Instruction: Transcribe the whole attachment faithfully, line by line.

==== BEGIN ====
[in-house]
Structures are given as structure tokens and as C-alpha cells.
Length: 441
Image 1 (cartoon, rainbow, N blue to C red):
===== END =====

[in-house]
Structures are given as structure tokens and as C-alpha cells.
Length: 441
Image 1 (cartoon, rainbow, N blue to C red):